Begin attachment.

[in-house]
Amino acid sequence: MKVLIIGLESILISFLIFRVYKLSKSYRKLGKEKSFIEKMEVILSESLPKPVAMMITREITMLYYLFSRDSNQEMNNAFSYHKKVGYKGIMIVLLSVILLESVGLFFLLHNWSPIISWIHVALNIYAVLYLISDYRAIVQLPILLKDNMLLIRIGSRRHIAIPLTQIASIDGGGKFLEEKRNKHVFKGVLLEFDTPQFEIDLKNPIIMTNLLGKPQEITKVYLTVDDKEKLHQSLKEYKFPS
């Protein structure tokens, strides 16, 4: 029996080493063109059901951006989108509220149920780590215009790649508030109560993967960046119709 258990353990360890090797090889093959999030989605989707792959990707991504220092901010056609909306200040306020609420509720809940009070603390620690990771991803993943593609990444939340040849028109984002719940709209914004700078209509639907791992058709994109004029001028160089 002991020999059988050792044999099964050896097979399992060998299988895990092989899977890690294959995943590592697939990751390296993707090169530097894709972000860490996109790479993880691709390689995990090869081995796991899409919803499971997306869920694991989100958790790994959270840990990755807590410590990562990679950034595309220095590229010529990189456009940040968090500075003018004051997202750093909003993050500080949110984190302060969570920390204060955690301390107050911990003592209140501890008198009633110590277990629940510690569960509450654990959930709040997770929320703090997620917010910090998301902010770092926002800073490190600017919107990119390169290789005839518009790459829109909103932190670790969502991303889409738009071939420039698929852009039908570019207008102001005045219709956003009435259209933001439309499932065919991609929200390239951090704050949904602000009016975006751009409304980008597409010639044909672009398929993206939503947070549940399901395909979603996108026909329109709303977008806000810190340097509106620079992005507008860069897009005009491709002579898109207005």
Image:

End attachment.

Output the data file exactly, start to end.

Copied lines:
[in-house]
Amino acid sequence: MKVLIIGLESILISFLIFRVYKLSKSYRKLGKEKSFIEKMEVILSESLPKPVAMMITREITMLYYLFSRDSNQEMNNAFSYHKKVGYKGIMIVLLSVILLESVGLFFLLHNWSPIISWIHVALNIYAVLYLISDYRAIVQLPILLKDNMLLIRIGSRRHIAIPLTQIASIDGGGKFLEEKRNKHVFKGVLLEFDTPQFEIDLKNPIIMTNLLGKPQEITKVYLTVDDKEKLHQSLKEYKFPS
């Protein structure tokens, strides 16, 4: 029996080493063109059901951006989108509220149920780590215009790649508030109560993967960046119709 258990353990360890090797090889093959999030989605989707792959990707991504220092901010056609909306200040306020609420509720809940009070603390620690990771991803993943593609990444939340040849028109984002719940709209914004700078209509639907791992058709994109004029001028160089 002991020999059988050792044999099964050896097979399992060998299988895990092989899977890690294959995943590592697939990751390296993707090169530097894709972000860490996109790479993880691709390689995990090869081995796991899409919803499971997306869920694991989100958790790994959270840990990755807590410590990562990679950034595309220095590229010529990189456009940040968090500075003018004051997202750093909003993050500080949110984190302060969570920390204060955690301390107050911990003592209140501890008198009633110590277990629940510690569960509450654990959930709040997770929320703090997620917010910090998301902010770092926002800073490190600017919107990119390169290789005839518009790459829109909103932190670790969502991303889409738009071939420039698929852009039908570019207008102001005045219709956003009435259209933001439309499932065919991609929200390239951090704050949904602000009016975006751009409304980008597409010639044909672009398929993206939503947070549940399901395909979603996108026909329109709303977008806000810190340097509106620079992005507008860069897009005009491709002579898109207005």
Image: